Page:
app.UseAuthentication();

    app.UseMvcWithDefaultRoute();
}

Various components are registered including error handling middleware, middleware for processing requests for static files (images, style sheets, script files, PDFs etc), authentication management middleware (if you enable authentication when creating your project), and the MVC framework. Each component is registered using an extension method on the IApplicationBuilder type.

The order in which the components are registered determines the order in which they are executed. Error handling middleware is registered first so that it is available to all code further along the pipeline where exceptions may be raised.

Middleware can either terminate the pipeline execution and return a response or it can pass control on to the next component. The Static File middleware terminates execution of the pipeline and sends the content of the requested static file in the response. Routing, Authentication and EndPoint middleware are not invoked when static files are requested. Other components pass execution on to the next registered component.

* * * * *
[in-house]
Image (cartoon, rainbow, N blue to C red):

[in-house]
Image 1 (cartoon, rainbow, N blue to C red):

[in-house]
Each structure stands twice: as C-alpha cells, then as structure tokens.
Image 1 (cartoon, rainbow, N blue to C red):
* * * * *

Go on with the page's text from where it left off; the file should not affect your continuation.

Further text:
Creating Middleware

Middleware is implemented as a RequestDelegate, a delegate that takes an HttpContext as a parameter and returns a Task:

public delegate Task RequestDelegate(HttpContext context);

Here are two examples of middleware. The first simply returns a response and is defined in the Configure method using the IApplicationBuilder.Run() method:

public void Configure(IApplicationBuilder app, IHostingEnvironment env)
{
    app.Run(async (context) =>
    {
        await context.Response.WriteAsync("All done");
    });
	...

}

This example terminates the pipeline. No other middleware components are executed. The Run method is used specifically for registering middleware that behaves like this.

The next example terminates the response only when a particular query string value is present. Otherwise is passes control on to the next middleware in the pipeline, represented by the next parameter

app.Use(async (context, next) =>
{
    if (context.Request.Query.ContainsKey("stop"))